Friday, April 29, 2005


This is utterly disturbing.
The U.S. Secret Service has asked for the race of guests attending a media reception with President Bush before the annual White House Correspondents' Association dinner Saturday.

Some senior correspondents who cover Bush regularly and have attended the reception in past years said Friday they had not been asked for race information previously and were shocked at the request.
Apparently, race is one of the standard identifiers always requested by the SS for people who will be near the president, the other four being name, date of birth, social security number and gender. But, as the article points out,
"[White House] reporters already have hard [permanent] passes, have gone through all the checks, and are often in reach of the president," said Ed Chen of the Los Angeles Times, who is secretary of the association. "I think it's unnecessary and offensive."
I wonder if they asked JeffyJames GannonGuckert for his race before they gave him a hard one. Er, hard pass.

So, what's so disturbing about this information? Well...
  1. They've never asked White House reporters for this information before.
  2. The Secret Service has no idea they've never asked for it before:
    Tom Mazur, spokesman for the Secret Service... said he did not know whether race information had been requested for this reception in previous years.
  3. The SS even requires any information beyond name and SSN to identify someone.
  4. The ball-passing of responsibility for this change is remarkable:
    Dueling Quote #1: White House press secretary Scott McClellan said the White House had not requested the information on race and that it was a law enforcement matter.

    "Law enforcement officials, the Secret Service, can talk to you about that and tell you why they have done that for a long time for criminal background checks, and so that they can get those checks done in a timely manner," McClellan said.
    Dueling Quote #2: The Secret Service said it routinely asks for information about the race of people who are going to be in close proximity to the president.
So -- we didn't do it, they didn't do it, and we really don't understand what the big deal is about us racially profiling reporters whom we've presumably already fully vetted.

Gee, I don't know. Could it be so that the White House can conveniently single out the people of color and move them to the front of the room, where their on-camera presence will provide some sort of sub rosa, subliminal message intended to lull the people into thinking that the poor are happy with W's Social Security plan? (Republican dictionary: "poor" = "not white.")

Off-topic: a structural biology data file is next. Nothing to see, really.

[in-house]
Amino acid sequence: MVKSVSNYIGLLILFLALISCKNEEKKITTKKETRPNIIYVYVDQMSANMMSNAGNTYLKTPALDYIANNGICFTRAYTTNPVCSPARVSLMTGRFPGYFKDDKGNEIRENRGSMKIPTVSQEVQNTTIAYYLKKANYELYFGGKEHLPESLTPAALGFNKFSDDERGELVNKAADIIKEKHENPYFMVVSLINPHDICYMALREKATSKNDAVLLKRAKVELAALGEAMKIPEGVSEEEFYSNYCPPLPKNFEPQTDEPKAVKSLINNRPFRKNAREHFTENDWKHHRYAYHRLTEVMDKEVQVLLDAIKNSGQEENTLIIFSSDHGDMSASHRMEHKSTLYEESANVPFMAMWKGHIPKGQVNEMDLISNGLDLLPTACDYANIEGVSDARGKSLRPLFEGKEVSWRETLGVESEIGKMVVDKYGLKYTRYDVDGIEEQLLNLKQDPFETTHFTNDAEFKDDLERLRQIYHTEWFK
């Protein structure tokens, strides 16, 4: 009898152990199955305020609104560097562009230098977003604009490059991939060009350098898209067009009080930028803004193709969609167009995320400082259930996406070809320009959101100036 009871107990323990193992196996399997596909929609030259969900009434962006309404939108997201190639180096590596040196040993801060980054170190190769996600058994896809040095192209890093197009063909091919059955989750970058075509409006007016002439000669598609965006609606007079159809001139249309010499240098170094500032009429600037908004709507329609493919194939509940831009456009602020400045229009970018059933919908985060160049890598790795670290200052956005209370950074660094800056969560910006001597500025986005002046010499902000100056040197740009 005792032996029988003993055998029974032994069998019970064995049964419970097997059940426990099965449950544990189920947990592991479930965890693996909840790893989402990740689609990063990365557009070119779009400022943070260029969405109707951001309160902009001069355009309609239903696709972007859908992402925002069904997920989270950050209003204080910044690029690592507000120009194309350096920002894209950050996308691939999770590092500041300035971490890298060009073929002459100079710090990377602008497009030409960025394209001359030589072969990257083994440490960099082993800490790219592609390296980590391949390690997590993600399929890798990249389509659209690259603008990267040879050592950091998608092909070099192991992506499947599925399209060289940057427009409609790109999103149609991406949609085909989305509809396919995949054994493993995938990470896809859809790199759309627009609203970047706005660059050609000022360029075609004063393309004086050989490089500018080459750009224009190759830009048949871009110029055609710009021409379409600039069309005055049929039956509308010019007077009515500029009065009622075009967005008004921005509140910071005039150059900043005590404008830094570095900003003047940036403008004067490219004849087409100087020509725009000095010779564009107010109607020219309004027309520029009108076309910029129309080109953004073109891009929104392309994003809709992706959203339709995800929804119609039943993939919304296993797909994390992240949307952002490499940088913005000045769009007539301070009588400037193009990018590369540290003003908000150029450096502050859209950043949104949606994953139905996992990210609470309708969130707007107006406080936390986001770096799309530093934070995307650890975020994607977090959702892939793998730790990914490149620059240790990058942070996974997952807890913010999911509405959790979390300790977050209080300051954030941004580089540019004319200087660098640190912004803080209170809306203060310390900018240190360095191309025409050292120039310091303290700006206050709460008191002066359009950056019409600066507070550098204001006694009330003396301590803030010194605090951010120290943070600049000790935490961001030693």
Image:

Or... are they trying to make Arab Americans easier to spot? Probably not, seeing as how there's no separate category for people of Middle Eastern descent -- yet. For the moment, they're considered "white."

But, anyway, the real question is why race is even a question for anything other than Census purposes, where the distribution of different groups does make a difference in the return of Federal funds. Otherwise, who cares whether someone is American Indian or Alaska Native; Asian; Black or African American; Native Hawaiian or Other Pacific Islander; and White. That's the official Government list, which also includes two categories for ethnicity, Hispanic or Latino; Not Hispanic or Latino. Why those are the only two categories for ethnicity, at the expense of, say, conflating Japanese and Korean or Hutu and Swahili, is beyond me. And didn't anyone ever tell them that an American citizen who was born in South Africa but who is as white as snow is still, technically, African American?

My point, though, is that unless the question is going to result in some end benefit (read: reparation) for the person questioned, there's no reason to ask it. If you're trying to decide which school district should get a bit more federal funding because it has a mostly minority student body, fine. But if you're trying to decide whether you should let a reporter into a White House function, or even whether you should let a citizen of the US near the president, race really shouldn't be an issue.

After all, we can tell whether someone might be dangerous or not without knowing whether they're young, old, male, female, black, white or handicapped. Right? Right...?

Because, if we can't, then everything this Administration has tried to sell us about Homeland Security is one, big colossal joke. "Well, we didn't catch those terrorists because they lied about their race on the application."

Yeah, right...

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